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Taste whether the rice is al dente: it should still have a nice bite to it, but not a tough kernel.

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When the rice is cooked to your liking, turn off the heat and add a final ladle of hot vegetable stock.

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Add 30 grams of freshly grated parmigiano, as well as a tablespoon of butter, cut into small pieces.

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Stir to incorporate. Taste and adjust the seasoning with salt and freshly ground black pepper. Allow the risotto to rest like this for a couple of minutes. The final process of adding butter, parmigiano, and allowing the risotto to rest is called mantecare. It will give the risotto its creamy texture.

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Serve the risotto on preheated plates, garnished with a bit more freshly grated parmigiano.

Flashback

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Burrata is a fresh cheese from the Italian region of Puglia that is like a creamy version of mozzarella. Orecchiette with spinach, burrata, lemon, and spinach is a great way to enjoy it.

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15 thoughts on “Butternut Squash Risotto (Risotto alla Zucca)

  1. Unlike you I do peel my butternut squash and cut it into cubes which I cook with the rice to get a similar result. I love the taste of this risotto which is slightly sweet. Since it’ not really season for squash I made mushroom risotto today with fresh chanterelles 😉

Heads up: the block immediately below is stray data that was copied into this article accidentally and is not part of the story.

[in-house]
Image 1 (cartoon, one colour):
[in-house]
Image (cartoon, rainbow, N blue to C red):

Liked by 1 person

  2. One of my favourite risottos! OK: I can usually only get arborio and I do call the ‘squash’ a ‘pumpkin’ but what is that twixt friends 🙂 ! The ‘mantecare’ idea I have to adopt as the time factor sometimes does work to one’s detriment!

    Liked by 1 person

    • Arborio is fine too, it is just slightly more difficult to get it exactly right than carnaroli, which has a larger “window” between undercooked and overcooked.
      In Dutch, a butternut squash is called “bottle pumpkin”, and also in Italian both are called “zucca”.

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  3. This is my go-to recipe for butternut squash, I make it whenever there’s one around!
    Often I first quickly fry some pork belly dices, remove, and slowly cook the onion in the pork’s fat. I add the meat back at the end before serving.

    Most times I also cook risotto just in the pressure cooker rather than with the traditional method. Apart from being faster and hassle-free, I find the results also more consistent. Did you try that? Did you ever make a comparison of the results?

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    • Ciao Matteo, thanks for commenting. I have tried making risotto in the pressure cooker, but I have not tried a side-by-side comparison yet. I have also tried it sous-vide and without stirring, but again no side-by-side yet. I keep making risotto the traditional way because I think I like the consistency better. To make sure, I would like to do a side-by-side comparison to figure this out once and for all.

      I like your addition of pancetta.

      Like